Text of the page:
Atlantic City is trying to see if it can afford a citywide revaluation, which is a requirement before it can get out from under state oversight.
City Council will vote tonight to advertise for proposal requests to see revaluation services for all properties in the city.
“This is the first step,” Business Administrator Ron Cash said Tuesday. “We’ll see what the proposals are, and we’ll make a determination whether we can afford it or need to defer it.”
The city can’t afford not to do the revaluation on behalf of its residents and small businesses, Department of Community Affairs’ spokeswoman Tammori Petty said.
The city is currently under state fiscal oversight by the DCA’s Local Finance Board, with a revaluation necessary before that ends.
The last revaluation — in 2008 — cost $2 million.
“Failing to move forward with a revaluation will deny residents and businesses assessment reductions that are clearly warranted in light of market changes,” Petty said Tuesday. “The cost of revaluations can be spread over five years through the issuance of notes with a first payment coming due in 2014, which makes costs manageable as the revaluation is conducted and implemented.”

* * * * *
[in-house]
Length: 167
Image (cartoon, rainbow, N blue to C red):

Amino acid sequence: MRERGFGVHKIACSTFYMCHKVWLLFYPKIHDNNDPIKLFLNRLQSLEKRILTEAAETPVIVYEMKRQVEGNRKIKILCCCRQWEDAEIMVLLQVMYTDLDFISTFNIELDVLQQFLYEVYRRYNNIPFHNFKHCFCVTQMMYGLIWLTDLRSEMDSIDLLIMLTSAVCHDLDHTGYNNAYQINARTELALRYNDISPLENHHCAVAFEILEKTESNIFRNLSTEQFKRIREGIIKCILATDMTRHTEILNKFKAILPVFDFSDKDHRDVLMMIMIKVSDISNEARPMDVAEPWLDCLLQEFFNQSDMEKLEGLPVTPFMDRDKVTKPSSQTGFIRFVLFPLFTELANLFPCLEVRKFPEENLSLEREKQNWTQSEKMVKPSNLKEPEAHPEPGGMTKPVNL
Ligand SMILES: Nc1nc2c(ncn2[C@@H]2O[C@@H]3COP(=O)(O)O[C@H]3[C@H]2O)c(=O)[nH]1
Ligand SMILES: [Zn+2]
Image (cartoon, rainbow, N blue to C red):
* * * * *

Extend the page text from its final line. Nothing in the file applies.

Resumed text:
The city also is allowed to apply for Transitional Aid next year and beyond, if it needs help to meet its obligations, including the revaluation, she said.
The lack of a new revaluation has been mentioned as a problem in the city, especially after this year’s budget brought an increase of just more than 25 cents per $100 of assessed value on the tax rate. The entire amount was traced to $3.7 billion lost in ratables from successful casino tax appeals, city Revenue and Finance Director Michael Stinson said.
“We’re going to find out who has interest and what they can do,” Cash said of the proposal requests. “We have to be careful and diligent.”
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